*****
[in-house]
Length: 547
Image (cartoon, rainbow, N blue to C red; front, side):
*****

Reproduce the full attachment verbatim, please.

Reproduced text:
[in-house]
Length: 547
Image (cartoon, rainbow, N blue to C red; front, side):